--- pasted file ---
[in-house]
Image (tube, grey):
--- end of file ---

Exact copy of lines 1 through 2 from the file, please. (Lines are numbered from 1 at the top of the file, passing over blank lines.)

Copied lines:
[in-house]
Image (tube, grey):